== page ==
As to the office of Bishop, the Lord has declared that “the office of a bishop is in administering all temporal things”, “having a knowledge of them by the Spirit of truth”. Bishops are “to have it given unto them to discern all those gifts lest there shall be any among you professing and yet be not of God”; they are “to keep the Lord’s storehouse; to receive the funds of the church. . . to take an account of the elders as before has been commanded; and to administer their wants, who shall pay for that which they receive, inasmuch as they have wherewith to pay; that this also may be consecrated to the good of the church, to the poor and needy. And he who hath not wherewith to pay, an account shall be taken and handed over to the bishop of Zion, who shall pay the debt out of that which the Lord shall put into his hands.” The Bishop “should travel round about and among all the churches, searching after the poor to administer to their wants by humbling the rich and the proud.”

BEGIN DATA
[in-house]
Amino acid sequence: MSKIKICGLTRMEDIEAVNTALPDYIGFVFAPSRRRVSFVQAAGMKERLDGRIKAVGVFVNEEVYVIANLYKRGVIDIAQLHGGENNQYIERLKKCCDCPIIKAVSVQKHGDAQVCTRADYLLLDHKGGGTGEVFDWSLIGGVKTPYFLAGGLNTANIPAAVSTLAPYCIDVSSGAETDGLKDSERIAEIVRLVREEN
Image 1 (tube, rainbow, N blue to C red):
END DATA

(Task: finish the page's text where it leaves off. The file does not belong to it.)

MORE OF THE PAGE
It may be observed in passing that the whole male body of the Mormon Church from twelve years of age and up bears some degree of the Priesthood. We have no regular ministry. Any good man may be called, and practically all good men are at one time or another in their lives called to do work for the Church. All such serve gratuitously. There are fewer than twenty-five offices in the Church that might be regarded as life offices, and these compose what are known as the General Authorities of the Church.